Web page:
Update 2011-04-15: Robert asks

Perl 6 semantics

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Most languages or libraries that provide a generic sort routine allow you to specify a comparator, that is a callback that tells the sort routine how two given elements compare. Perl is no exception.

For example in Perl 5, which defaults to lexicographic ordering, you can request numeric sorting like this:

use v5; my @sorted = sort { $a $b } @values;

Perl 6 offers a similar option:

use v6; my @sorted = sort { $^a $^b }, @values;

The main difference is that the arguments are not passed through the global variables $a and $b, but rather as arguments to the comparator. The comparator can be anything callable, that is a named or anonymous sub or a block. The { $^a $^b} syntax is not special to sort, I have just used placeholder variables to show the similarity with Perl 5. Other ways to write the same thing are:

my @sorted = sort -> $a, $b { $a $b }, @values; my @sorted = sort * *, @values; my @sorted = sort &infix:«», @values;

The first one is just another syntax for writing blocks, * * use * to automatically curry an argument, and the final one directly refers to the routine that implements the "space ship" operator (which does numeric comparison).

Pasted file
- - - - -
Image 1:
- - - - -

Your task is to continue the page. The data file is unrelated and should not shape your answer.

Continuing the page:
But Perl strives not only to make hard things possible, but also to make simple things easy. Which is why Perl 6 offers more convenience. Looking at sorting code, one can often find that the comparator duplicates code. Here are two common examples:

# sort words by a sort order defined in a hash: my %rank = a => 5, b => 2, c => 10, d => 3; say sort { %rank{$^a} %rank{$^b} }, 'a'..'d'; # ^^^^^^^^^^ ^^^^^^^^^^ code duplication # sort case-insensitively say sort { $^a.lc cmp $^b.lc }, @words; # ^^^^^^ ^^^^^^ code duplication

Since we love convenience and hate code duplication, Perl 6 offers a shorter solution:

# sort words by a sort order defined in a hash: say sort { %rank{$_} }, 'a'..'d'; # sort case-insensitively say sort { .lc }, @words;

sort is smart enough to recognize that the code object code now only takes a single argument, and now uses it to map each element of the input list to new values, which it then sorts with normal cmp sort semantics. But it returns the original list in the new order, not the transformed elements. This is similar to the Schwartzian Transform, but very convenient since it's built in.

So the code block now acts as a transformer, not a comparator.

See also:
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